FolkestoneJack's Tracks

Farewell to Colombo

Posted in Colombo, Sri Lanka by folkestonejack on February 5, 2018

The end of the tour saw the slow drift of the group in the direction of the airport, though with a late night flight with Emirates I had plenty of time to kill. I mused on various options, but in the end settled on a relatively relaxed wander around Fort District to mop up the sights I missed on my first couple of days in the country followed by an afternoon of rail photography.

One of the most striking contrasts of my wanders came from a visit to the modern lighthouse overlooking the Indian Ocean. The lighthouse was unveiled on 2nd February 1951 to commemorate the commencement of work on the Colombo Port Development Scheme of 1950, a massive modernisation programme that saw the creation of multiple berths, transit sheds and warehouses. It was a significant milestone in the economic development of the country in the first few years of independence.

Monument to mark the Colombo Port Development of 1950

Today, that same stretch of land is the site of another massive project – Colombo International Finance City. As the name suggests this is not just any property development, it is quite literally the construction of an entirely new city on the doorstep of old Colombo, bankrolled as part of the Chinese government’s One Belt One Road initiative. It’s not the only major development in play – a game of global stakes is afoot with India and Japan investing in the development of Sri Lanka’s ports following the recent handover of Hambantota port to the Chinese on a 99 year lease.

A glance at the panels all along Chaithya Road show the incredibly ambitious plans which are intended to rival Dubai and Singapore. Tall buildings in the city already dwarf the colonial remnants, but this will change the city beyond recognition. The plans envisage the construction of a complete financial district, a marina, hotels, restaurants, apartment blocks, retail units, banks, embassies, museums, galleries and convention facilities.

At the moment the focus is on the $1.4 billion reclamation of the 269 hectares of land that will be needed for this project. The work continues 24 hours a day with completion is anticipated in June 2019. It was no surprise to learn that such a substantial project has proved controversial and the degree of dependence on Chinese finance has been heavily debated in the Sri Lankan parliament and beyond.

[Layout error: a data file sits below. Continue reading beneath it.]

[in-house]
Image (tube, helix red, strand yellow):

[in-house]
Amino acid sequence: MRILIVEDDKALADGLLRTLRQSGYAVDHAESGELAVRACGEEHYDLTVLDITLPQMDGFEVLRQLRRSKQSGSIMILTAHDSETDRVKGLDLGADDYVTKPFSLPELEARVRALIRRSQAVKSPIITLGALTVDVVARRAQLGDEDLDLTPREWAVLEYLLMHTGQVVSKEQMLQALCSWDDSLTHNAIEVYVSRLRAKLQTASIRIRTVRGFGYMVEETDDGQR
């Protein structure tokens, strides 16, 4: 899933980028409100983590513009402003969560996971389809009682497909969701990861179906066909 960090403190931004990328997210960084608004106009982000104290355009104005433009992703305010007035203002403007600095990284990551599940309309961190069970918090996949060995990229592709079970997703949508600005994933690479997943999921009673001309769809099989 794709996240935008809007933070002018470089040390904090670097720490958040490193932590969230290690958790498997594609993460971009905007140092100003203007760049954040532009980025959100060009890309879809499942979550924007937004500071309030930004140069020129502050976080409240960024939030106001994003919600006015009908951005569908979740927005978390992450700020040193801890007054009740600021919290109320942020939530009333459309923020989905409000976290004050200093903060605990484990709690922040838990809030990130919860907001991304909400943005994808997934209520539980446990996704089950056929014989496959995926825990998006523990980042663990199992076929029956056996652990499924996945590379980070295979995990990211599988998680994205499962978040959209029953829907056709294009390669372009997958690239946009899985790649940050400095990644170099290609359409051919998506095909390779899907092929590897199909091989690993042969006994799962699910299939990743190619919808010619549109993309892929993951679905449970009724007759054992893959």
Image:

Hoardings promote the ambitious vision for the future of Colombo

In the afternoon I found myself staring at another new development project, this time the shell of the troubled Grand Hyatt Colombo which the papers have suggested has run out of funding. I didn’t spend much time pondering the controversies associated with this and instead focused on the railway line that runs in its shadow, through Koluptiya, alongside Marine Drive and on its way towards Mount Lavinia.

It turned out to be a splendid spot to watch passing trains, but only if you could ignore the almost constant invitations for a Tuk-Tuk tour of the city, offers of massages or horror stories about the number of suicides that had taken place here. The view of the fishermen trying their luck in the Indian Ocean made an interesting foreground to the line, though these were only ever going to be record shots as the skies had already clouded over.

Class S10 railcar 879 heading away from Koluptiya

Over an hour or two, I managed to photograph a couple of railcars (S8 and S10) and one loco hauled service (M4) before I had to head back to pick up my ride to the airport. In typical fashion when I actually wanted a Tuk Tuk ride there were none to be found, but it was an interesting enough walk up through Galle Face Green and back to my hotel in Fort District.

One of my last impressions of the country was the most surprising – an encounter with the friendliest immigration officer I have ever chanced upon who chatted amiably about the highlights of my trip. Sometimes it is the little moments like this that really stay with you. On making my way airside I was pleased to discover that my flight was on time whereas the same flight 24 hours earlier had left some 20 hours late. Time to swap 36 degree heat for the deep freeze of London…

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